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Dr Jamie Graves, CEO at cyber security specialists ZoneFox

Dr Jamie Graves
Dr Jamie Graves

From MiFID through to the Basel Accords and multiple other Capital Requirements, the finance sector has grown used to unpicking complex EU regulation. However, the European General Data Protection Regulation (GDPR) is a different type of beast because it impacts every nook and cranny of your business. Even ones you weren’t aware existed.

Why? Simple: data has taken root in your organisation. You need it in order to retain customers, deliver innovative new products to the market and execute a fantastic customer service experience. Especially as customers now bank across multiple applications and devices. The hard truth is that without data you simply can’t function, certainly not meaningfully. But how that data is managed and protected currently varies wildly, something the GDPR looks to rectify by standardising how data is protected and accessed across the EU.

It’s a highly ambitious piece of regulation and the triggering of Article 50 shouldn’t lure companies into complacency – if you want to do business in the global economy and deliver data across borders, you will need to comply. The regulation brings with it big changes and so, if you haven’t already, it’s important to get your ducks in a row. The question is, how can you prepare?

For me, the regulation broadly falls into three distinct action areas that offer the opportunity to enhance information security from a technical, governance and legal perspective: proactivity, ensuring GDPR is a board level priority and risk mitigation.


When it comes to security, being on the front foot is absolutely key.  Most companies don’t know how and where all its data is processed or stored across the organisation, or whether it is accessed always  in line with company policy. Auditing this process is the ideal  place to start – after all, as the saying goes, knowledge is power. From this audit you will be able to get a much better understanding of:

  • What measures you have in place to protect data, especially personally identifiable information. Ensure you perform vulnerability assessments and penetration tests to determine if unauthorised access and downloading are possible. This is a great exercise and also offers the opportunity to test your data encryption standards
  • The relationship your organisation has with third-parties. Who do you share data with? And how do third-parties collect data from your business? Longer term, you will need to ensure that your data supply chain is GDPR compliant – the onus is very much on you to take responsibility for this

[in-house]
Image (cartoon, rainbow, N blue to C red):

• Have your legal and compliance teams go over end-user agreements to ensure that all data subjects have willingly agreed
  • Ensure that how you tell people you use their data is actually how you use it. An outside opinion can help here, so don’t be afraid to engage an expert to advise
  • Does your current data storage solution have any risks associated with it? If so, create a risk registry so that you can tackle these

 Ensuring GDPR is a priority

Being proactive will help you to understand the unique risks and vulnerabilities your organisation faces – in relation to complying with GDPR. This understanding forms the basis of a robust strategy to be presented to company directors. The exec board hears about so many internal projects, all of which are competing for internal resources and funding, so it’s important to present the right information in order to secure the resources you need:

  • Any discrepancies between end-user agreements and GDPR requirements as well as a clear roadmap for how to reconcile the two
  • Create risk-based metrics based on vulnerability assessments and penetration tests to outline any weaknesses in your data defences. Don’t forget, the board will be looking to you to bring solutions as well as problems to the table
  • Be clear about any deviations from GDPR and present a strategy encompassing technical, legal and compliance requirements with a timeline for ensuring compliance by May 2018 alongside associated risks of the data registry

Risk mitigation

The road to successful GDPR compliance will require the strong mitigation of risks. This is an important step because arguably data is the most valuable artefact on the internet and as a result the most traceable. We’ve all seen the headlines resulting from data breaches; companies that are victim to attack suffer brand damage, lose customers and as a result see a real impact on their bottom line. With GDPR the onus on companies to take responsibility increases dramatically. Therefore, it is imperative that you:

  • Classify your data as this is vital to preventing data loss
  • Continuously monitor the environment to ensure your data stays exactly where it is supposed to and doesn’t walk unauthorised out of the front door
  • Encrypt your databases. This might seem like an obvious point, but not all companies are following this basic rule. Apply strong algorithms so that even if the bad guys steal your data you render it useless to them

GDPR might feel all consuming, but broken down into these three key areas it becomes much more manageable. It is also a significant opportunity to redefine your relationship with your increasingly data-savvy customers and create a new era in which data is shown the respect and protection it deserves.

The opportunity is there to become a real industry leader in data security– those that seize it will prosper those that don’t risk being consigned to history.